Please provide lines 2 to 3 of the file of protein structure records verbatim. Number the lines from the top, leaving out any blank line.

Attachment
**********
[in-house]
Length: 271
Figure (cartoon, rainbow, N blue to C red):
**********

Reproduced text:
Length: 271
Figure (cartoon, rainbow, N blue to C red):